Accepting your impact on the world

Greg Rosenke, Unsplash

Recently I read the first volume of Barack Obama’s presidential memoirs, A Promised Land. The book details Obama’s path starting as a politician in Chicago through the first term of his presidency, describing the highs and lows of his journey to the White House.

There were many takeaways I had from the book, the grind of running for office, his account of the financial crisis, and his take on United States foreign policy.

One of the things that stuck out the most for me was his description the Copenhagen Climate Change Conference he attended in 2009. In the book Obama describes his meeting with the leaders of China, Brazil, India, and South Africa. These developing countries were skeptical of making significant changes to their climate change policies, electing to blame most of the emissions on the more developed Western nations.

In short, Obama was able to make a few modest tweaks to the proposed agreement to get these countries to commit to the Copenhagen Accord. This provided momentum to the idea that every country has a responsibility to address climate change. The boost from this would be a driving force for The Paris Agreement in 2015.

Regardless of your political beliefs or thoughts on climate change, there was a larger takeaway for me after reading this section of the book. It came towards the end of the chapter when Obama reflects on the work that was put in to what he had just accomplished:

All that for an interim agreement that-even if it worked entirely as planned-would be at best a preliminary, halting step toward solving a possible planetary tragedy, a pail of water thrown on a raging fire. I realized that for all the power inherent in the seat I now occupied, there would always be a chasm between what I knew should be done to achieve a better world and what a day, week, or year I found myself actually able to accomplish.

This resonated with me because for most of my 20s I found myself wondering what type of impact I would have on the world. I set unbelievably high goals only to find myself struggling with the minimal progress I was making each day or year that passed by.

During this time I would constantly think, “if I just made this much money,” or “if I just had this role,” I would be able to make a difference in the world I would be happy with.

When reading this chapter of Obama’s book I realized that even the most powerful men in the world struggle with the progress they make on a day-to-day basis. That even the President of the United States wishes that there was more that he could do to fight climate change or any other distress he saw in the world.

He would have to learn to live with a gap in the difference he wanted to make and what he realistically could make.

It caused me to rethink what I want my impact on the world to be and, maybe more importantly, how can I accept that there are limitations to what difference I am able to make? If the President was coming to this conclusion, then maybe I too needed to scale back my expectations.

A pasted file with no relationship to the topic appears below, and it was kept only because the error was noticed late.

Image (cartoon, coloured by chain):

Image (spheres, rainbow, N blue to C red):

For me it became simple:

Leave the world a better place then how I entered

That’s not to say I don’t still have high expectations, but I’m not crippled or discouraged by failing to meet unrealistic goals. I do what I can with the circumstances I’ve been given and don’t get caught up in always wanting to do more.

This past winter I volunteered at an ice rink in Detroit teaching kids how to play hockey. It was the first volunteer experience I had since reading Obama’s book and provided a chance to apply this new mindset to my situation.

Initially I got frustrated, thinking that there is more I should be doing. Wishing I didn’t have work or other obligations that would pull me from helping out more. I’d see the home life that many of these kids would be heading back to once they were done on the ice and it made me question how much of an impact I was really making in their lives.

I realized that this mindset was pulling me away from the influence that I could have with the limited time with them on the ice. Instead of being frustrated, wishing I could do more, I became more present with the few hours with them.

While the time I spent on the ice with these kids wouldn’t cure any problems they may have had at home, it did provide them something to look forward to during the week. I’d like to think my presence in these kids lives, however small, was a positive influence on them.

Like Obama in Copenhagen I would leave that ice rink wishing there was more that I could do, but also realizing that I would have to get comfortable with the fact that there are limitations to the impact that I can make.

Instead of focusing on the more that I could do, I focused what I had just done. Provided a positive experience for a kid that may have needed it. I took solace with the idea that however small, my efforts that night had made the world a better place.



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Tyler Walz

Tyler Walz


Writing to understand myself and the world | Sports Fan | Bookworm | Business Consultant | Twitter: @tjwalz | Referral Link: